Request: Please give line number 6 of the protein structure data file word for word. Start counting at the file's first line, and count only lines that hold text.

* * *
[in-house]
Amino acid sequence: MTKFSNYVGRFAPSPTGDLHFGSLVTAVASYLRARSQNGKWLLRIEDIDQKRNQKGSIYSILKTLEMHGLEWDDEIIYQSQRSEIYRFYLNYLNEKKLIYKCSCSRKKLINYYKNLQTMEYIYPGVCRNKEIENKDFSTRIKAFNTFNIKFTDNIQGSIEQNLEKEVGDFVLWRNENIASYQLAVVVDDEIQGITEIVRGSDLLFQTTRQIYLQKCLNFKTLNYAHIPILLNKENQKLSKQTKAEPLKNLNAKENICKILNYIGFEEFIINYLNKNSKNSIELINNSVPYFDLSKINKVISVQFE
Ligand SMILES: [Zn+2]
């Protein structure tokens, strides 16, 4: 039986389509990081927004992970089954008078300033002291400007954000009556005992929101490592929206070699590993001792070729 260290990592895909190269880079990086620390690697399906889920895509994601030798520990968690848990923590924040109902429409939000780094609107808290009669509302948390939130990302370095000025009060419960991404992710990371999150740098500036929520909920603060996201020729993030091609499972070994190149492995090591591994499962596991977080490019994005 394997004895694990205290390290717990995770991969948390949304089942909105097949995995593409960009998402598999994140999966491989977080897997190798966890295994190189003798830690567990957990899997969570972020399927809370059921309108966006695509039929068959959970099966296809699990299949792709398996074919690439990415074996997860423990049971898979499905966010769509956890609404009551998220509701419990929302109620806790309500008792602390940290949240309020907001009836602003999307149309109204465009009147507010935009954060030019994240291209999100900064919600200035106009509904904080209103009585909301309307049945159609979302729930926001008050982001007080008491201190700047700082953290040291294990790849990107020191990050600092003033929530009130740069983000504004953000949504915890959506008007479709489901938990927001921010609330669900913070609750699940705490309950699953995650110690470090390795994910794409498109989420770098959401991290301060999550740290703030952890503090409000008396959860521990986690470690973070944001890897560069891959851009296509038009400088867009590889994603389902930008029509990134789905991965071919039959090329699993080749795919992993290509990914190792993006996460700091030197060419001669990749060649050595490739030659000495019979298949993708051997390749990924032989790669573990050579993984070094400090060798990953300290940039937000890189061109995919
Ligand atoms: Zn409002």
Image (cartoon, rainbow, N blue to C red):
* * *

Image (cartoon, rainbow, N blue to C red):